However, even though it may be less expensive now, it’s still a time-consuming and complicated process to replicate an index and continually rebalance as needed. But with the rise in robo-advisors, direct indexing is even more accessible. For example, Wealthfront, Fidelity, Charles Schwab and Frec are direct indexing platforms that offer automated rebalancing and tax-loss harvesting, so even the most hands-off types of investors can get in on the game.

Direct indexing platforms at a glance

Here is a sampling of investment firms that offer a direct indexing product, including investment minimums and advisory fees.

CompanyDirect indexing productAnnual advisory feeInvestment minimum
Charles SchwabSchwab Personalized Indexing0.40%$100,000
Fidelity InvestmentsFidelity Managed FidFolios0.40%$5,000
FrecDirect Indexing0.10%$20,000
WealthfrontDirect Indexing0.25%$100,000

Benefits of direct indexing

Direct indexing is a worthwhile strategy for several reasons, and it’s now available to a broader range of investors.

  • Customization. When you buy an ETF or mutual fund, you have no choice in the component stocks. Direct indexing allows you to opt out of companies that don’t align with your social or financial goals and buy ones that more closely reflect your values.
  • Tax efficiency. Because you’re individually buying and selling stocks, you can take advantage of tax-loss harvesting at the stock level.
  • Risk management. Not only can you customize your portfolio based on your values, you can also use direct indexing to avoid certain sectors or companies that you feel are too risky.

Downsides of direct indexing

Every investment strategy has its own set of risks or potential pitfalls to be aware of.

  • Ongoing portfolio management fees. Unless you plan to do all the work yourself, you’ll have to pay someone to manage your investment account, which could be around 0.40% annually.
  • High minimum investment requirements. Investment requirements for direct indexing have decreased, but many firms require at least a $100,000 minimum investment, which can still be too high for many investors. There are firms with lower minimums, but some experts agree that the strategy may not be worth the effort for smaller investments.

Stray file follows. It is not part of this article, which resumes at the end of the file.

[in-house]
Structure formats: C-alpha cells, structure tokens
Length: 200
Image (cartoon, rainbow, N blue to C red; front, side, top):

• Not suitable for IRA or 401(k) investors. If your primary means of investing is through a tax-advantaged retirement account, direct indexing doesn’t make sense. You typically need a separate, taxed brokerage account to enjoy the tax benefits of direct indexing. You don’t pay capital gains taxes or deduct losses on retirement accounts as long as the money remains in the account, so there’s no immediate tax benefit to offset capital gains with harvested losses. Tax-loss harvesting is a primary reason for using the direct indexing strategy.
  • Potential for tracking error. If you overly customize your portfolio or fail to track index changes, your performance could stray from the index’s performance.

Is direct indexing right for you?

Direct indexing might be a good idea if you have a fairly large sum to invest and want to try your hand at duplicating the performance of an index. It’s also a solid strategy for those who typically have a large capital gains tax bill. And, finally, it can often be a more satisfying option for investors who prefer to have a more customized and flexible portfolio.

However, you may want to consider alternative investment strategies if you don’t have a lot of money to invest, your primary investment vehicle is a tax-advantaged retirement account or you don’t want to pay to have your account professionally managed.